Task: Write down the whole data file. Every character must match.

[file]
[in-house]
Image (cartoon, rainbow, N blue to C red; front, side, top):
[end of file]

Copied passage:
[in-house]
Image (cartoon, rainbow, N blue to C red; front, side, top):